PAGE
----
Barlow said this week the city and college were working together and “engaging the virus from all ends and watching the data.” He said the focus should be to ensure young adults do not gather in large groups, stop hosting parties and “stop the spread that is taking place throughout these social circles.”
Port City and SUNY officials have worked together to cut down on large social gatherings and encourage proper social distancing and other protective measures in recent weeks. Barlow said city officials “proactively went door to door to persuade students and young adults to not get together in the first place.”
For those who haven’t heeded the warnings, Barlow said the Oswego Police Department (OPD) has been patrolling neighborhoods and addressing parties and mass gatherings, breaking up parties when discovered and issuing fines to the hosts. He also noted OPD is forwarding the names of attendees to SUNY Oswego.
Positive cases of COVID-19 have been identified in each reporting area in Oswego County, which include all the towns and cities, according to county data. The cities of Oswego and Fulton have the highest number of confirmed cases, followed by Oswego Town, Granby and Hastings.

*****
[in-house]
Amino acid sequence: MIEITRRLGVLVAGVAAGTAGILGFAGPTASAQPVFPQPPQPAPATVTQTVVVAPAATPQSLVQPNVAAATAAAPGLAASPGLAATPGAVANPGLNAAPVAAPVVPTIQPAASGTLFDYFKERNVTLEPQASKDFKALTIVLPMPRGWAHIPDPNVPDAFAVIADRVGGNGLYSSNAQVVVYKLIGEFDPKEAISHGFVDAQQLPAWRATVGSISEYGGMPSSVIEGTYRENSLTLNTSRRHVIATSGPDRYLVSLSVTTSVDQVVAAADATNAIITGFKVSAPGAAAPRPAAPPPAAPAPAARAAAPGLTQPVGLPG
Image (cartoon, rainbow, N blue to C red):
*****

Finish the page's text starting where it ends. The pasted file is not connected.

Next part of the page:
Health officials urge residents to take these precautions:
• Wear a face mask or covering over your nose and mouth.
• Keep six feet from other people.
• Wash hands often with soap and water for at least 20 seconds, especially before eating.
• Cover your cough or sneeze with a tissue and then throw the tissue in the trash.
• Avoid touching your eyes, nose and mouth
• Clean and disinfect frequently touched objects and surfaces.
• Avoid close contact with people who are sick.
• Stay home if you are sick unless you are seeking health care.
• Call your healthcare provider from home if you are experiencing symptoms such as a fever,
cough or shortness of breath.
• Call 911 if you are experiencing life-threatening conditions.
Symptoms of COVID-19 include fever, cough, shortness of breath or difficulty breathing, muscle pain, headache, sore throat, chills, repeated shaking with chills, gastrointestinal illness and new loss of taste or smell.